- Secretary Clinton, Wikileaks has released a new batch of emails it alleges you sent that include speeches you gave to Wall Street firms for large payments. They allege that you dream of a day when there is “open trade and open borders.” Do you believe the United States should have open borders and open trade.
- Secretary Clinton, Would you support requiring criminal background checks for all gun sales and what will you do to protect American’s Second Amendment right? And does protecting the Second Amendment play into who you would appoint to the Supreme Court?
- Secretary Clinton, Criticisms of the criminal justice system stem from your husband’s time in office — including the expansion of the proactive “broken windows” policing nationwide and the passage of mandatory minimum sentencing laws. We now have the highest incarceration rates ever. You have apologized for using the word “superpredator” to describe gang members in the 1990s. Why did you change your mind and what reforms from the 1990s would you reform now?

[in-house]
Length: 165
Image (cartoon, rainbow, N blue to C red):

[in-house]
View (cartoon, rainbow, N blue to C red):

- Secretary Clinton, The Associated Press reported that Clinton Foundation’s donors made up more than half of your meetings as secretary of state. Can you explain that? And can you also explain for the average American voter why you had a separate, unsecured email server, multiple Blackberries and then wiped the server clean and had the Blackberries destroyed with a hammer before FBI investigators would examine? Was there any relationship to the Clinton Foundation?